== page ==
Under normal circumstances, Jenny’s Cafe would have a crowded waiting area, full tables and a few people seated on bar stools. During the past few months, the business has received about a quarter of the customers it once served and has laid off half the staff.
Cafe owner Jenny Bennett hopes that next week, when the Spokane Valley restaurant gets the green light to open at 50% capacity with extra sanitation precautions, she’ll be able to turn things around.
“We’re pretty ready for it,” she said. “Everything we can think of, we’ve done.”
Bennett is one of many businesses owners who have had to make difficult decisions over the past few months, as businesses have been shut down by the state to prevent the spread of COVID-19. While Bennett has brought in some money from takeout orders, it’s been difficult relying on her family and working extra hours to make up for the employees she had to lay off.
Gov. Jay Inslee unveiled on Tuesday a process counties can use to apply for a variance, which would allow Spokane County and some other counties to move to Phase 2 of reopening faster than much of the state. That phase allows businesses such as restaurants, retailers, hair salons and barbershops to get back to business, with some restrictions. Less populated counties, such as Stevens, Pend Oreille and Lincoln counties, already have been allowed to reopen with extra precautions in place.
During a news conference Wednesday, Spokane Mayor Nadine Woodward said she hoped Spokane County would be open by Memorial Day. Many businesses in the area are hoping to open their doors as soon as Tuesday, and local officials are working with business owners to ensure they do so safely.
The Spokane Valley Fire Department on Wednesday said it would help businesses comply with new restrictions on the numbers of customers they can have in their buildings.
“Many businesses do not have a posted occupant load and are trying to determine what their occupant load is in order to comply with the reduced capacity requirements of the governor’s plan,” Spokane Valley Fire Marshal Greg Rogers said in a statement.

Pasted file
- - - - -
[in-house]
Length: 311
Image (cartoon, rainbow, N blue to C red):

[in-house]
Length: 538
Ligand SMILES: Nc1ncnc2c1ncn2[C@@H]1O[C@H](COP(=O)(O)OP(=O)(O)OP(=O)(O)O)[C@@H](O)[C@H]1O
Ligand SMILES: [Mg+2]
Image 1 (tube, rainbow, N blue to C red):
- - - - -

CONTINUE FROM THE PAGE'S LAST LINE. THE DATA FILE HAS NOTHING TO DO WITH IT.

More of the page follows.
Julie Humphreys, a spokeswoman for Spokane’s fire and police departments, said there should be less confusion within city limits, where every business has an official occupancy rating from the building department. The Phase 2 restrictions will define what percentages of normal capacity those businesses can serve.
“We’re definitely customer-centered and want to help businesses figure out their occupancies however we can,” Spokane Fire Chief Brian Schaeffer said.
If the closures continue much longer, boutique owner Jani Davis said her business may not be able to reopen. Davis said she has been selling clothes online, but one day of sales in her store generates more revenue than a week or more of online sales.
“If we don’t have customers come in, we’re going to go under,” Davis said. “It’s really hard right now.”
Davis laid off all her employees at her Spokane Valley store, Jema Lane Boutique, and has been managing most of the online sales, with only some help from her children. She said she will reopen her shop as soon as the county’s application is approved, and she hopes to hire back her employees as soon as she can afford it.
Davis plans to allow only three or four customers in the store at a time to comply with the governor’s guidelines for retail. She’ll also do extra cleaning in the dressing room, set up a sanitation station, set aside any clothes customers try on for 24 hours and follow other guidelines.
While Davis and Bennett plan to reopen their businesses as soon as the county’s application is approved, others need more time to comply with the new requirements and are waiting until June 1 at the earliest.
Renee Hartshorn, owner of Bella Dolce Salon & Spa in Spokane Valley, said she and the eight independent cosmetologists who work in the salon wanted to make sure they were completely prepared to reopen and keep clients safe, so they decided to wait until June 1.
“We want to be successful when coming back,” she said. “We want our clients to feel comfortable and for us to feel comfortable.”
Inslee’s office issued guidelines last week for “personal services” businesses hoping to reopen. That category includes hair and nail salons, barbershops, tattoo parlors and cosmetologists, all of which have been shuttered since mid-March to prevent the spread of the virus.
Under the guidelines, such businesses must eliminate waiting areas, require employees to use cloth face coverings when working with clients and screen walk-up customers for symptoms of COVID-19 before allowing them on-site. Some hairstylists said they’re ready to meet those requirements, while others prefer to wait until restrictions are relaxed.
Hartshorn said she’s been getting calls from clients for weeks, asking when the salon will reopen. Most have been understanding, but some have been angry or impatient, or they went to Idaho where rules have been loosened to get their hair cut and colored instead.
She said when her salon reopens, it will be at reduced capacity. Hair appointments mostly will be the basics – only maintenance, touch-ups and haircuts so the salon can see as many clients as it safely can. Long, in-depth salon treatments and makeovers will have to wait until the salon is able to see more clients at one time.
“It’ll be a different experience for a lot of people when we first go back,” she said.